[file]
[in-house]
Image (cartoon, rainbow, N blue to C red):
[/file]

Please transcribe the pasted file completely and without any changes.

[in-house]
Image (cartoon, rainbow, N blue to C red):